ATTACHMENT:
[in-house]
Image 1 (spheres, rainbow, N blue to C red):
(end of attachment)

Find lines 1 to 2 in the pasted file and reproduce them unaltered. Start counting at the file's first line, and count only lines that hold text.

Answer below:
[in-house]
Image 1 (spheres, rainbow, N blue to C red):